See, this is why I like doing random research for Quote of the Day posts. I can go out and do a bit of investigating (my family doesn’t call me the “data ferret” for nothing), and, willy-nilly, I nearly always find something that’s either appropriate for posting or which speaks to me in a personal way, and the post almost writes itself.
Thus, December 19, 2021:
The twenty-third anniversary of the date on which the Articles of Impeachment against President Bill Clinton were approved by the US House of Representatives.
Sorry. What I meant to say is: The one-hundred-seventy-eighth anniversary of the date on which Charles Dickens’s novel, A Christmas Carol, in Prose: Being a Ghost Story of Christmas, was first published.
Truth be told, I’ve always found Tiny Tim a bit annoying. Perhaps it’s the saccharine nature of his diktat. Or perhaps it has something to do with the rather demented persona of his namesake (born Herbert Butros Khaury), one which I always found faintly disturbing, but which I suppose most in this day and age would find reassuringly normal. Relatively speaking.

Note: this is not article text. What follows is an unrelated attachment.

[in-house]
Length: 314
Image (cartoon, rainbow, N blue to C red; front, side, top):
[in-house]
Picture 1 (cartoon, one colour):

In any event, my favorite quote from A Christmas Carol is this:
It was a great surprise to Scrooge, while listening to the moaning of the wind, and thinking what a solemn thing it was to move on through the lonely darkness over an unknown abyss, whose depths were secrets as profound as Death: it was a great surprise to Scrooge, while thus engaged, to hear a hearty laugh. It was a much greater surprise to Scrooge to recognise it as his own nephew’s and to find himself in a bright, dry, gleaming room, with the Spirit standing smiling by his side, and looking at that same nephew with approving affability!
Somehow, in what seems like the interminable age of pandemic and fear, this seems like the right message to me.
Man is the only animal that laughs and weeps; for he is the only animal that is struck with the difference between what things are, and what they ought to be–William Hazlitt
And, by extension:
Laugh and the world laughs with you. Weep, and you weep alone–Ella Wheeler Wilcox.
Merry Christmas to all. And, “God bless us, every one.”
One of the prettiest versions of this song, describing a lesson that Ebenezer Scrooge didn’t learn quite quickly enough: